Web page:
New York State
Division of Housing and Community Renewal
Office of Rent Administration
Gertz Plaza, 92-31 Union Hall St.
Jamaica, New York 11433
Public Information: (718)739-6400


ADVISORY OPINION:  87-2  (JUNE 1, 1987)

This Advisory Opinion is issued pursuant to Sections 2520.7 and
2527.11 of the Rent Stabilization Code.

Advisory Opinion 87-1 postponed to June 1, 1987 the imposition of
the penalties provided by Section 2522.5(c) (2) of the Rent
Stabilization Code for failure to furnish a copy of the English
language version of the Notice of Rights and Duties of Hotel
Owners and Tenants.

The DHCR has promulgated the Notice and will be making copies
available to hotel owners at the District Rent Offices during the
month of June. Therefore, the DHCR has determined that it would
be inequitable to enforce the penalty provisions of Section
2522.5(c) (2) at this time because hotel owners may not have had
adequate opportunity to obtain the Notice. The imposition of such
penalties for failure to furnish such English language version of
the Notice is further postponed to July 1, 1987.

Dated: June 1, 1987

Deputy Commissioner for Rent Administration




The following summarizes this Hotel Rights Notice.  For further
Information, please refer to the Full text of the notice which
follows this summary.


     A permanent tenant is an individual who requests a lease
     for at least SIX months, or who continuously resides in the
     same building for at least six months, and a family member
     residing with such individual.


     You have a right to ask the owner for a six month lease at
     any time after registering in the hotel, and the owner must
     provide you with a lease within 15 days after such request.
     Your request to become a permanent tenant automatically
     gives you the right to remain in occupancy as a permanent
     tenant and gives you the protection and benefits of rent


     As a permanent tenant, an owner may not charge you more than
     the most recent rent charged the prior permanent tenant,
     plus any lawful guidelines increase in effect at the time of
     your renting,  as set for your hotel room apartment by the
     NYC Rent Guidelines Board.  Such rent is required to be
     registered with the DHCR.  You may obtain this information
     by writing to the DHCR, Gertz Plaza Office, listed in the
     Appendix, provided you submit proof of residence in the
     hotel room/apartment. Hotel tenants may receive annual rent
     increases which are authorized by the Rent Guidelines Board,
     and the owner may apply for other increases, for building-
     wide or apartment improvements, or where an owner is not
     receiving a fair return on his or her investment after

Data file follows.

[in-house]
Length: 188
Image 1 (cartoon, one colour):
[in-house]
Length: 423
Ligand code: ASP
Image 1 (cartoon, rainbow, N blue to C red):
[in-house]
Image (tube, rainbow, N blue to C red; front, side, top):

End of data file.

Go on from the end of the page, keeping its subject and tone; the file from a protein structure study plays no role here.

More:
expenses (hardship).


     Pursuant to the Rent Stabilization Law and Code, a hotel
     owner is required to provide hotel services such as maid and
     linen service, furniture, and 24 hours per day lobby
     coverage in addition to other required services.  However,
     some hotels, rooming houses or SRO facilities may never have
     provided a full range of hotel services.  In such instances,
     the owner must provide those services offered to tenants
     when these buildings first became subject to the Rent
     Stabilization Law in June, 1981.


     If you lived in your room for 30 days or longer, or if you
     have a lease, or if you have asked for a lease, you may not
     be evicted unless the owner obtains a Court Order granting
     such eviction.  An owner may not harass you by doing
     anything intended to make you vacate your room/apartment.


     If you feel your rights are being violated, you may contact
     one of the agencies listed in the Appendix attached.




This Notice generally informs hotel, rooming-house, and Single-
Room ("SRO") facility occupants, permanent tenants, and owners
about their basic rights and responsibilities as provided for
under the Rent Stabilization Law (RSL) as implemented pursuant to
the New York City Rent Stabilization Code (Code). The RSL and
Code regulate rents, services, and evictions. They also provide
for rent increases to enable owners to meet increased maintenance
costs, provide new services and equipment, and otherwise properly
maintain the property.

This Notice does not contain every rule applicable to stabilized
housing accommodations located in hotels, rooming-houses, and
SRO's. This Notice is only informational. It does not replace or
modify the RSL, the Code, any order of the New York State
Division of Housing and Community Renewal (DHCR), or any order of